9780813035666

Slavery on Trial

by
  • ISBN13:

    9780813035666

  • ISBN10:

    081303566X

  • Edition: Reprint
  • Format: Paperback
  • Copyright: 2010-11-15
  • Publisher: Univ Pr of Florida

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Supplemental Materials

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Summary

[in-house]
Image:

"An invaluable study of Richmond's antebellum justice system."--Sally E. Hadden, Florida State University "Not only demonstrates the law's clear bias in favor of the power of slaveholders and the defense of slavery, but also gives us vivid scenes of slaves, free blacks, and working-class whites negotiating and sometimes contesting society's class and color lines before the bar."--Gregg D. Kimball, Library of Virginia By the mid-nineteenth century, Richmond was one of the preeminent industrial centers in the South, with a level of criminal activity that reflected its size. Slavery on Trial examines more than 7,000 criminal cases recorded between 1830 and 1860, ranging from sensational murders to minor misdemeanors. Although the criminal justice system in antebellum Virginia was explicitly designed to support slaveholders' rule, James Campbell reveals that, in practice, trials and punishments sometimes subverted elite interests. Rather than serving as an unproblematic prop of the slave regime, law enforcement and court proceedings in Richmond revealed class, race, and gender tensions. Campbell shows that considerations of race and slavery infused every criminal case in Richmond, even when slaves were not directly involved as victims or defendants. He also considers the relationship between judicial processes and social, cultural, and political developments in the city. Slavery on Trial is a sobering portrait of the administration of racially constructed laws. It exposes the contradictions inherent in antebellum Southern law, and examines the implications those contradictions had for slaves, free blacks, poor whites, immigrants, and women. James M. Campbell is a lecturer in American history at the University of Leicester.

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